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It also got 4 holes at 90-degree angles...

 

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Here it is in place...

 

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So, aside from  putting the oiler in and finishing the cap with slightly counterbored holes and rounding the edges, this part is done.

 

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While you can see the different parts, if you run your finger over the pieces you can't feel the seams at all. Since you can easily "feel" .003 I think this is about as good as it gets.

Edited by JV Puleo (see edit history)
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15 hours ago, JV Puleo said:

I'll repeat what christech had to say about good files... I rarely use files and only recently someone gave me a pair of excellent Nicholson's...what an eye-opener.

 

I better read that post. I have never thought about the quality of files before. I shall make a metal note about the good file makers names for future reference. Filing is just one of those jobs that I have only carried out if I really have to.

 

I am still enjoying and learning a lot from your posts, keep up the great work.

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Now it's time to fit the timing adjuster. The first step was to reduce the diameter of one of the hubs. I discovered that it didn't fit inside the heads of the screws that hold the plate on the end of the water pump.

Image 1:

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I also reduced the length by .040...

 

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And attached the water pump to get some final measurements.

 

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After going back and forth to the lathe to make some final, very small cuts...

 

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There is just a tiny bit of binding when I rotate it by hand. I'm guessing the bushings inside the water pump are not in perfect alignment with the front saddle but the difference is very small...probably in the area of .001. I may hone the water pump bushings a little to loosen them up but given that I'm using stressproof ground stock for the shafts and there are many parts here that all have to align, the fact that it is this close is practically an act of God. I think the best thing about this is that it looks as if the the timing adjuster was intended to go in this space.